Sunday, June 24, 2007


Filmmaker with French nationality asks “Why am I still being kept here?”

Iran 21.06.2007
Filmmaker with French nationality asks “Why am I still being kept here?”

Reporters Without Borders has written twice to the French foreign ministry about the Iranian government’s refusal to allow Mehrnoushe Solouki, a documentary filmmaker with French and Iranian dual nationality, to leave Iran.
“Solouki is in a very difficult situation,” the press freedom organisation said. “The Iranian authorities are saying nothing. While no charges were brought against her after she spent a month in detention, the Tehran prosecutor’s office is awaiting a green light from the intelligence ministry to allow her to leave the country.”
Reporters Without Borders added: “Her family had to mortgage their home to pay the large amount of bail demanded for her release. This is just one more source of pressure on the young filmmaker, along with the many summonses for questioning that she has received since being set free.”
Reached by telephone, Solouki told Reporters Without Borders she did not understand the Iranian authorities’ silence. “Why am I still being held in Iran?” she asked. “Didn’t I have the consent and politically sacrosanct authorisations of Iranian officials to come to Iran? To spend time here and to film? Have I broken any rule, any of the rules laid down by the Islamic Republic? After an investigation, the Iranian judicial authorities concluded that I had not.”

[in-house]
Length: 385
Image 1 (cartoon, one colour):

Solouki added: “So why I am still being held in Iran? Am I guilty because I have French citizenship? Because I resided in Canada? Because I am an independent filmmaker? The interior ministry’s silence does not bode well.”
Solouki went to Iran in December 2006 to make a documentary about the events that followed the 1988 cease-fire between Iraq and Iran. She was arrested on 17 February and was held in Evin prison. She was finally released on 19 March after payment of 100 million toumen (80,000 euros) in bail. Her French passport was returned to her after the French embassy intervened. But the Iranian authorities are still holding on to all her notes and a portable hard drive that contains 70 per cent of the film she shot.
Parnaz Azima, a journalist with Iranian and American dual nationality who works for Radio Free Europe in the Czech Republic, is also currently barred from leaving Iran. She was accused of “propaganda against the Islamic Republic” and working for a “counter-revolutionary” radio station after she travelled to Iran in January to see her ailing mother. She has avoided imprisonment by paying the equivalent of 411,000 euros in bail but the authorities are holding on to her passport and she must remain in Iran until her trial takes place.

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